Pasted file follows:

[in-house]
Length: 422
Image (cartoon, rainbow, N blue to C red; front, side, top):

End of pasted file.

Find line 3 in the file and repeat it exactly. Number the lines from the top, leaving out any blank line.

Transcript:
Image (cartoon, rainbow, N blue to C red; front, side, top):